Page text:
The Forestry Commission has failed in a High Court battle to overturn a government decision which rejected planning consent for a controversial holiday park in Delamere Forest.
Former Communities Secretary Eric Pickles over-ruled Cheshire West and Chester Council’s strategic planning committee decision to grant permission for the 70-cabin scheme by the Forestry Commission/Forest Holidays.
This came after a government inspector weighed up the pros and cons and decided that, on balance, the scheme was inappropriate because of the harm to the green belt.
Both organisations took the case to London’s High Court but one of the country’s top judges, Mrs Justice Lang, backed Mr Pickles.
Dismissing the challenge, she said: “Both the inspector and the first defendant concluded that the proposed cabins development was contrary to policy because it was ‘inappropriate development’ in the green belt without very special circumstances sufficient to outweigh the harm to the green belt and any other harm arising out of the development.”
Mr Pickles had called in the application to decide himself because of a concern the proposal might conflict with national green belt policy.
Jubilant campaigner Nigel Gilding, of Communities Against Delamere’s Destruction (CADD), commented: “The decision reached in the High Court vindicates the stand made by local people for a local issue, but the ruling has truly national importance as it sends a clear message to developers that green belt is designated for a reason”.
“This process has been going on for years. Through consultation, subsequent planning application, public inquiry and finally this High Court challenge. It’s been tough at times but the tenacity of the CADD followers and all those who gave time and money to the cause has been seen to have paid off in this David and Goliath contest.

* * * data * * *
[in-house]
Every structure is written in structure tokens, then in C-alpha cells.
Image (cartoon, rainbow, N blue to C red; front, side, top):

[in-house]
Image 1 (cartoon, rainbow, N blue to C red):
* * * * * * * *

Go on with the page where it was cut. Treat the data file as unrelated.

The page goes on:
“It’s unfortunate that the intransigence of the CWaC planning department in refusing to listen and objectively assess reasonable, powerful argument of their own planning policy resulted in the application getting this far.
“It should not be forgotten that those councillors on the strategic planning committee who rubber stamped this proposal have been proved to be wrong.
“If the council were a commercial entity, heads would roll on the back of this decision. It will be interesting to see if any one of them have the decency and the courage of their convictions to resign as would be appropriate. Somehow, I think not.”
In a joint statement, the applicants previously expressed disappointment at Mr Pickles’ decision and hinted at the possibility of a legal challenge.
The statement read: “Forestry Commission England and Forest Holidays are expectedly disappointed that the Delamere Forest planning proposal has been unsuccessful, despite being found to have significant economic benefits, visual improvements, access and traffic management improvements and providing enhanced biodiversity for the forest.
“We are currently reviewing the Secretary of State’s decision and considering our options concerning our ambitions at this site.”